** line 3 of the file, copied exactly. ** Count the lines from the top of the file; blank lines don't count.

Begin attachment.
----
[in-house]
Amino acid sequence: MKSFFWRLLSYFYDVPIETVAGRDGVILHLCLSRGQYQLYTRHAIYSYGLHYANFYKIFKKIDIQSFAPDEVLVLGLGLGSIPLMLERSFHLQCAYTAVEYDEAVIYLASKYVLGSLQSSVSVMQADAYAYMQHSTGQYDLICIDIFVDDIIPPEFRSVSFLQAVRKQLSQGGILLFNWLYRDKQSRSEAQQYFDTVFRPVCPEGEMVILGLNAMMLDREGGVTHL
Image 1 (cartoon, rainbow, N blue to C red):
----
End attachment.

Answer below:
Image 1 (cartoon, rainbow, N blue to C red):